What if the contemporary equivalent of the opera house is the night club? This is the question posed by a major new exhibition at the Bâtiment d’art contemporain in Geneva. Produced in association with the city’s Electron festival of electronic music (itself already a broad platform, featuring acts ranging from Ms. Dynamite to Eliane Radigue), the exhibition ties some of the various threads linking the opera with other media, from cabaret, television, video, modernism, to electronic music itself. Curator Denis Pernet was inspired by the profusion of contemporary gallery work which seemed to be taking inspiration from the baroque era over the last few years to bring these young artists together with avant-gardists working in and around the opera house in the latter half of the last century.
So, walking up the stairs to the main floor of the exhibition space, we find alongside each other, German photographer Candida Höfer’s vast (some two or three square metres), glossy interior shots of La Scala and Lisbon’s Teatre Nacional de São Carlos, interspersed with Robert Wilson’s sketches (of roughly equal size) for Cuban composer Tania Léon’s opera, The Scourge of Hyacinths. Despite their similarly monumental sizes, the contrast could scarcely be greater: against the charcoal drabness of Wilson’s modernist monochromes, the gleaming lights and rich colours of Höfer’s images remind us that these theatres were built for a time when the house lights were kept up and a night out there was almost less about seeing than being seen.
A like juxtaposition is contained within a performance by Christodoulos Panayiotou. In 2009, Panayiotou invited an audience to one of Europe’s oldest opera houses, Bayreuth’s early eighteenth century Markgräfliches Opernhaus, only to leave them waiting, for an hour, before an empty stage and the black backdrop familiar from modern minimalist theatre. Panayiotou staged thus not just the highly elaborate interior architecture of Giuseppe Galli Bibiena but simultaneously the quasi-Beckettian absence that has been one of the pre-occupations of work by this Cypriot-born artist for several years now. Entitled The End, the performance’s own absence is here marked by an installation consisting of the flyer for the original event and the black curtain itself, folded upon the gallery floor.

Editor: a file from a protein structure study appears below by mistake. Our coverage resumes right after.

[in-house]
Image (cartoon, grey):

Giuseppe Galli Bibiena’s uncle, Francesco Bibiena, another famous architect of opera houses, is referenced in an ink drawing “in the style of” by Pablo Bronstein. Bronstein also exhibits a short film Walker which sees a classically trained dancer executing the gestures of Italian Renaissance sprezzatura which have codified the movement of women’s bodies in opera and ballet alike. Soundtracked by an aria by Purcell, the high dignity of the performance is somewhat undercut by the dancer’s dress, resembling somewhat that of an 80s footballer’s wife, and the work’s sharing gallery space with Donatella Bernardi’s Pole, such that from a certain angle Bronstein’s ‘walker’ seems to be dancing around Bernardi’s ‘pole’.
Such duplicity of meaning, however, is germane to the very idea of sprezzatura. As originally defined by Castiglione, in his Book of the Courtier, the term referred to a certain aloofness or ironic distance, a mask to be inserted between the self and the world. So it perhaps all the more appropriate that alongside Pole and Walker, we find Robert Ashley’s TV opera, Perfect Lives, with its arch traversal of supermarket, bank, backyard and bar. Ashley’s seminal work is one of several works for TV exhibited on small video monitors across the space of the gallery, alongside Peter Sellars’s stagings of Brecht and Weill’s last collaboration, The Seven Deadly Sins, as well as his controversial 1990 transposition of Handel’s Giulio Cesare to the Persian gulf.
The baroque opera house, the exhibition programme reminds us, was once a place of nocturnal pleasures; of game playing, flirting, posing, and people watching – every bit as much as the 80s club scene explored in the films of Nelson Sullivan (also exhibited here). It was a place whose regime of visibility brought far more to the light than just the latest prima donna. So if music has always been peculiarly resistant to the gallery, here the opera proves – almost paradoxically – perfectly suited.
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